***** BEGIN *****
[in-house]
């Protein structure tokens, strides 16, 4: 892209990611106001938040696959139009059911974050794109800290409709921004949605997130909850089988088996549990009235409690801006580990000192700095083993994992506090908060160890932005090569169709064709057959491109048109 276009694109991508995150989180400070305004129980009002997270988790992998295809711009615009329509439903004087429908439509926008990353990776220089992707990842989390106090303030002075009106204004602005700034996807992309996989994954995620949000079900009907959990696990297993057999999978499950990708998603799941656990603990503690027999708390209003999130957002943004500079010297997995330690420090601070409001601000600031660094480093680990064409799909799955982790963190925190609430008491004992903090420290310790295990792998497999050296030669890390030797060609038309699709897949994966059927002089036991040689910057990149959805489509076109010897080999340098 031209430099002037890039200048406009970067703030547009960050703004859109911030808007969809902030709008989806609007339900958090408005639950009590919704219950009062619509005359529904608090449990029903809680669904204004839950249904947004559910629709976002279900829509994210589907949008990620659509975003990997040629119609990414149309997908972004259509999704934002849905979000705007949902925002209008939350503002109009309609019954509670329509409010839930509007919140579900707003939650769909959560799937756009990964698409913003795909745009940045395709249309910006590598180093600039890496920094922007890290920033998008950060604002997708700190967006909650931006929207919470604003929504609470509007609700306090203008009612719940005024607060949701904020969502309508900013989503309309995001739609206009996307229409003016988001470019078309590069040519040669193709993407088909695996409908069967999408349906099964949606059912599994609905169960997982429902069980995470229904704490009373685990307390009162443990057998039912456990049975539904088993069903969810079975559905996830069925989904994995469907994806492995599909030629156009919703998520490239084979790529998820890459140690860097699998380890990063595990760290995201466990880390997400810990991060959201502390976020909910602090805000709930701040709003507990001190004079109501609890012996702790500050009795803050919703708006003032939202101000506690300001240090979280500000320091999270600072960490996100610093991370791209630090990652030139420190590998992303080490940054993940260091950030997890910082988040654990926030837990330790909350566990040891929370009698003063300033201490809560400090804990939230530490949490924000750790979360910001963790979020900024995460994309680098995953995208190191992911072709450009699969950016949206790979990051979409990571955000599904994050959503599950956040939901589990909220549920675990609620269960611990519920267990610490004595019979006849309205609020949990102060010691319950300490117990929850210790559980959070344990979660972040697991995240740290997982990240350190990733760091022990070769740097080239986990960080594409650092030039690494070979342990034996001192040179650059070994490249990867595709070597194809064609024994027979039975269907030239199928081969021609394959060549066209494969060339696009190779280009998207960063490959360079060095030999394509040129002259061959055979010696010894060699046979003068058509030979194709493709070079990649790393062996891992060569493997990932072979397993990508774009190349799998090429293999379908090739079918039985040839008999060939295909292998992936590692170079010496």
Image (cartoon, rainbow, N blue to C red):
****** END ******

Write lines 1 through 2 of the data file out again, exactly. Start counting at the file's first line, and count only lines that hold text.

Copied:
[in-house]
């Protein structure tokens, strides 16, 4: 892209990611106001938040696959139009059911974050794109800290409709921004949605997130909850089988088996549990009235409690801006580990000192700095083993994992506090908060160890932005090569169709064709057959491109048109 276009694109991508995150989180400070305004129980009002997270988790992998295809711009615009329509439903004087429908439509926008990353990776220089992707990842989390106090303030002075009106204004602005700034996807992309996989994954995620949000079900009907959990696990297993057999999978499950990708998603799941656990603990503690027999708390209003999130957002943004500079010297997995330690420090601070409001601000600031660094480093680990064409799909799955982790963190925190609430008491004992903090420290310790295990792998497999050296030669890390030797060609038309699709897949994966059927002089036991040689910057990149959805489509076109010897080999340098 031209430099002037890039200048406009970067703030547009960050703004859109911030808007969809902030709008989806609007339900958090408005639950009590919704219950009062619509005359529904608090449990029903809680669904204004839950249904947004559910629709976002279900829509994210589907949008990620659509975003990997040629119609990414149309997908972004259509999704934002849905979000705007949902925002209008939350503002109009309609019954509670329509409010839930509007919140579900707003939650769909959560799937756009990964698409913003795909745009940045395709249309910006590598180093600039890496920094922007890290920033998008950060604002997708700190967006909650931006929207919470604003929504609470509007609700306090203008009612719940005024607060949701904020969502309508900013989503309309995001739609206009996307229409003016988001470019078309590069040519040669193709993407088909695996409908069967999408349906099964949606059912599994609905169960997982429902069980995470229904704490009373685990307390009162443990057998039912456990049975539904088993069903969810079975559905996830069925989904994995469907994806492995599909030629156009919703998520490239084979790529998820890459140690860097699998380890990063595990760290995201466990880390997400810990991060959201502390976020909910602090805000709930701040709003507990001190004079109501609890012996702790500050009795803050919703708006003032939202101000506690300001240090979280500000320091999270600072960490996100610093991370791209630090990652030139420190590998992303080490940054993940260091950030997890910082988040654990926030837990330790909350566990040891929370009698003063300033201490809560400090804990939230530490949490924000750790979360910001963790979020900024995460994309680098995953995208190191992911072709450009699969950016949206790979990051979409990571955000599904994050959503599950956040939901589990909220549920675990609620269960611990519920267990610490004595019979006849309205609020949990102060010691319950300490117990929850210790559980959070344990979660972040697991995240740290997982990240350190990733760091022990070769740097080239986990960080594409650092030039690494070979342990034996001192040179650059070994490249990867595709070597194809064609024994027979039975269907030239199928081969021609394959060549066209494969060339696009190779280009998207960063490959360079060095030999394509040129002259061959055979010696010894060699046979003068058509030979194709493709070079990649790393062996891992060569493997990932072979397993990508774009190349799998090429293999379908090739079918039985040839008999060939295909292998992936590692170079010496």